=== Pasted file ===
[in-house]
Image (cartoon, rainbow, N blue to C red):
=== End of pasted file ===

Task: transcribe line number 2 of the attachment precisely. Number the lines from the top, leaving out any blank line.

Image (cartoon, rainbow, N blue to C red):